In 2002, the Alliance created the Renault–Nissan BV (RNBV), a strategic management company to oversee areas such as corporate governance between the two companies. Based in Amsterdam, it is owned 50/50 by Renault and Nissan and provides a neutral location for the Alliance to exchange ideas, build strategy and help leverage the maximum synergies between the two companies.
In 2006, the Alliance began exploratory talks with General Motors regarding the possibility of creating an industrial alliance. The talks were instigated by GM minority shareholder Kirk Kerkorian. GM reportedly demanded payment of several billion dollars to engage in an alliance, prompting Ghosn to call the terms "contrary to the spirit of an alliance." Discussions ended without agreement in October 2006, when Ghosn said, "It's clear the two sides have completely different appetites for an alliance."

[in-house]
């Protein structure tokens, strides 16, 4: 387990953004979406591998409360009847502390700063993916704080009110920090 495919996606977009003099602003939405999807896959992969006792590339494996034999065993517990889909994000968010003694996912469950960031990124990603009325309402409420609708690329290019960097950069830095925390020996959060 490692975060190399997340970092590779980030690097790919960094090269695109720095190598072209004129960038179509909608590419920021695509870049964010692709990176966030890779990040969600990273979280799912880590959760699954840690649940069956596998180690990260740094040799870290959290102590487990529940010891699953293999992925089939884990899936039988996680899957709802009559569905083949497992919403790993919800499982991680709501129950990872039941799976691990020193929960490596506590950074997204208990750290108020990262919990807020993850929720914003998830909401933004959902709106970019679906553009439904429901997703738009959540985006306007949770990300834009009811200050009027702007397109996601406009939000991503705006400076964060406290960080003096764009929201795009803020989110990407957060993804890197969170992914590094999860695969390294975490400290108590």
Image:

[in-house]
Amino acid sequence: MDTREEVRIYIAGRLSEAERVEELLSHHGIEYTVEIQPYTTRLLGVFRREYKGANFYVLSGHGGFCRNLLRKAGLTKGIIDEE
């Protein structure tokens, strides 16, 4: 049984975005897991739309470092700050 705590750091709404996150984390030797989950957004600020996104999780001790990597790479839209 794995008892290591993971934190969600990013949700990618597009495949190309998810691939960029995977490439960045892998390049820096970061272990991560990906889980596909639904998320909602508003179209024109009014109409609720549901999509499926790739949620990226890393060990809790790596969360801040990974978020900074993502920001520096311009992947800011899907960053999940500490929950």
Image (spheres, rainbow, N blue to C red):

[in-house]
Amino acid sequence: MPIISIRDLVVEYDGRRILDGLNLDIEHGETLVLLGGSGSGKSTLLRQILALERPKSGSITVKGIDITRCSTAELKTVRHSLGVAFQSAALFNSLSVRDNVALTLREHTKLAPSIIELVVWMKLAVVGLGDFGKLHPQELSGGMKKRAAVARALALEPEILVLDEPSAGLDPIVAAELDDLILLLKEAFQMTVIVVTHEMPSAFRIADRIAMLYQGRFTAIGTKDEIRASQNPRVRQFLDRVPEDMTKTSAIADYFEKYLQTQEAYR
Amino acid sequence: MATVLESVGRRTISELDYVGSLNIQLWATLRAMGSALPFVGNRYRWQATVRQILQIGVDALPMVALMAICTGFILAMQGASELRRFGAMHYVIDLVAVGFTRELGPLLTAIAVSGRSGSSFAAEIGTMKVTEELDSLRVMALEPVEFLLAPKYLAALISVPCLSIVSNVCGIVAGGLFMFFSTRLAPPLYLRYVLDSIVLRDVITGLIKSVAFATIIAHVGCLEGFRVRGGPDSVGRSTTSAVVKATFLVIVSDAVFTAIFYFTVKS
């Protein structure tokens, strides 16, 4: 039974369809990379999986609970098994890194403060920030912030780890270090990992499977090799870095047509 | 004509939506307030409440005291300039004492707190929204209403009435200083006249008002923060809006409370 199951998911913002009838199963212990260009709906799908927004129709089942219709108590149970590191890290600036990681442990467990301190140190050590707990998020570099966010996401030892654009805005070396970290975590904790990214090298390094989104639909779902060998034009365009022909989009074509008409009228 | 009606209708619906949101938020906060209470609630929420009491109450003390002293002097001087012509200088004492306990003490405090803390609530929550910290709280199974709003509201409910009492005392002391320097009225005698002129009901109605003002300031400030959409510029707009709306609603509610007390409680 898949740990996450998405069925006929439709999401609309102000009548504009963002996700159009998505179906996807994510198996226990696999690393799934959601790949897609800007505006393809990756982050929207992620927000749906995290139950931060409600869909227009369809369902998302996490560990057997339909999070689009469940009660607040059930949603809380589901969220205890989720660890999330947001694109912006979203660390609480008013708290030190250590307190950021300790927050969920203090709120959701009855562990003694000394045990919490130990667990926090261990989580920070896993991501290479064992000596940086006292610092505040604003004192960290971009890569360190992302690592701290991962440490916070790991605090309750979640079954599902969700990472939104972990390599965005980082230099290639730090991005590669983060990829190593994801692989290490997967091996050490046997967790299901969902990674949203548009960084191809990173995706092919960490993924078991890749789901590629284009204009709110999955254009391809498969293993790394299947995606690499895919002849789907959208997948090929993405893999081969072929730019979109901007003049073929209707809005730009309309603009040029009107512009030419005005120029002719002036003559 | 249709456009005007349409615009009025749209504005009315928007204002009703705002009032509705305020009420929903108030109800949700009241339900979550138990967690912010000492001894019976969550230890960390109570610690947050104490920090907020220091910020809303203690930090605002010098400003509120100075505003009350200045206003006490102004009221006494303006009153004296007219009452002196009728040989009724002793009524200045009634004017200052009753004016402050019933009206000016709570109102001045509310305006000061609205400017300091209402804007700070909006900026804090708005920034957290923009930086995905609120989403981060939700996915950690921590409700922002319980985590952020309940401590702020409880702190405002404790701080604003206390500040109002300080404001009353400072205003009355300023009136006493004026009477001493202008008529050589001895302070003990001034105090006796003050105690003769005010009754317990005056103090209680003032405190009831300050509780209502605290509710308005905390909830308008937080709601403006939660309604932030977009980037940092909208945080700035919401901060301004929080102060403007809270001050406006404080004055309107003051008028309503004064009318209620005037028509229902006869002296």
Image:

Since 2010, the Alliance has undertaken a number of projects as part of a strategic cooperation deal the German Daimler AG company.
Taken together, the Renault–Nissan Alliance sells one in ten cars worldwide, and would be the world's fourth largest automaker with 2013 sales of 8,266,098 units.
|Alliance 2013 sales|